Tonight/tomorrow morning, sky watchers all across North America will have a front row seat and the rest of the world will be one click of a mouse away from being treated to one of the most spectacular, and rare, of all celestial sights: a total lunar eclipse. So, with the eclipse coming in just a hours, why not start understanding what you will see and why you will see it now?
Total lunar eclipses occur when the Sun, Earth, and Moon fall exactly into line ion that order. Unfortunately, because the Moon orbits the Earth on a slightly tilted axis, the Moon rarely falls into earth’s shadow, thus becoming eclipsed. Or perhaps this is a good thing as, if there was an eclipse at every Full Moon, eclipses wouldn’t be all that special, would they? Okay, personal opinions aside, every now and then, at a point on its orbit called a “node,” the Moon crosses into the Earth’s shadow, thus resulting in an eclipse.
So, what can one expect to see?
First, the eclipse takes place over the course of several hours. First up: the penumbral phase where the Moon moves into the lightest part of Earth’s shadow, called the penumbra. At this point, one may or may not notice a slight darkening of the Moon.
See also: Start to finish lunar eclipse gallery.
Next up: the partial stages. In the partial phases, the Moon starts moving into the darkest part of the Earth’s shadow, called the umbra. In this phase, the Earth’s shadow will start to eat into the corner of the Moon, eventually coming to the point where the Moon looks like a crescent, but at an otherwise impossible angle. In time, more and more of the Moon will disappear into the Earth’s black shadow until the entire lunar disc is consumed.
Phase 3: totality. Near the point where the Moon completely disappears into the Earth’s shadow, it will begin to take on a very distinctive, reddish color thanks to the scattering of light rays caused by our atmosphere. Basically, the particles in the air scatters all the colors of the visible spectrum, with the exception of the reds, away into space, thus only allowing the red light to fall on the Moon. Totality can last for around an hour, give or take a few minutes either way. For something interesting, compare the number of stars you can see during totality to the number you can see when the Moon is full. Basically, totality is effectively a Moonless sky.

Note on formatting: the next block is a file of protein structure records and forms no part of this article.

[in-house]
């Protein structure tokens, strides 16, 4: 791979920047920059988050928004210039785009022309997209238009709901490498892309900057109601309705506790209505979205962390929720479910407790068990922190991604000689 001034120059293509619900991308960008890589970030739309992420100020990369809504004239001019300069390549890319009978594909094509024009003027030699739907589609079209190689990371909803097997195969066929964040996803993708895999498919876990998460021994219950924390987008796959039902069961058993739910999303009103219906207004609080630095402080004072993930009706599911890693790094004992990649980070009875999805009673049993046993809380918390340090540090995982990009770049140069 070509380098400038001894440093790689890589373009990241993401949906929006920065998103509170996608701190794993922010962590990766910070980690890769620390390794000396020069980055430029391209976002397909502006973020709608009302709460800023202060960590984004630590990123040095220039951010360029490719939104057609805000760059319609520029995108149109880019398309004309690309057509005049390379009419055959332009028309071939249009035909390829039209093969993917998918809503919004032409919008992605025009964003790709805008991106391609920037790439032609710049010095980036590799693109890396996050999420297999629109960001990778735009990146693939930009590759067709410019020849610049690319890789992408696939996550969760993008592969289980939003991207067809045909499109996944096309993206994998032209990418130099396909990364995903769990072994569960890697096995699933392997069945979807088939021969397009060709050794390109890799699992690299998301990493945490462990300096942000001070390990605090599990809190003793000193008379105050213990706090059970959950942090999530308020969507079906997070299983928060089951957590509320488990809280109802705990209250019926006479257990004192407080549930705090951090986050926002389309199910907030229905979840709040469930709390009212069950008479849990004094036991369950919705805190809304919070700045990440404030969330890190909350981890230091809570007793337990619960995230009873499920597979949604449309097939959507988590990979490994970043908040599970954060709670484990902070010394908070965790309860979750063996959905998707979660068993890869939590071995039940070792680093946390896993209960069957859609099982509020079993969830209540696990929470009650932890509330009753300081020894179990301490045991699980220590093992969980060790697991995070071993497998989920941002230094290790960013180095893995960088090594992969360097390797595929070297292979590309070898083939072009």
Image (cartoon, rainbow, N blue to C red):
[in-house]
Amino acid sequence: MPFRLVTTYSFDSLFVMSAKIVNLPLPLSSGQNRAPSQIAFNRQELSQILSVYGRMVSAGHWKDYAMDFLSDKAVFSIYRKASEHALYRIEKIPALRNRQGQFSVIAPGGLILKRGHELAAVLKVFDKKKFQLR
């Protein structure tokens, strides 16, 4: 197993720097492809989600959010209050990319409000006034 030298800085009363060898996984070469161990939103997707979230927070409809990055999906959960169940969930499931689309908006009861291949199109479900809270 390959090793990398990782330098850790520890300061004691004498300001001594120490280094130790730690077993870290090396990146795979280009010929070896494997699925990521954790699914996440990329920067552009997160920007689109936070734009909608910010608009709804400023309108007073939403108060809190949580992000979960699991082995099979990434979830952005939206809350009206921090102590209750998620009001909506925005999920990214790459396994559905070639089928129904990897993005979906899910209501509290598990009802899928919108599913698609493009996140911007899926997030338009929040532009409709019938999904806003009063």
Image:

After totality ends, the Moon will again go through partial phases, becoming more and more exposed as time progresses. In time, the partial stage will end, the second penumbral stage will begin, and the the Moon will eventually go back to normal.
Now, before getting too excited, there are two points to consider with this eclipse . . .
First (and not unusually) not everyone in North America will be privy to the event from start to finish. For anyone living in the Eastern U.S., you will only get to see a partially obscured Moon at moonset. Moving to the Great Plains, a totally eclipsed Moon will be visible at moonset while people living on the West Coast will get to see the Moon start to reemerge from totality as it sets. To see the event in entirety, living in Alaska or Hawaii is a must.
As the second item of note, totality will only last about 5 minutes, making this the shortest totality of a total lunar eclipse in over 100 years. For people familiar with eclipses, the far-rarer total solar variety often last as long if not a few minutes longer! Needless to say, be sure to check your local times !
For this event more than most, wishes of clear skies to everyone. Oh. And if it’s cloudy, you can watch live online here, here, and here.
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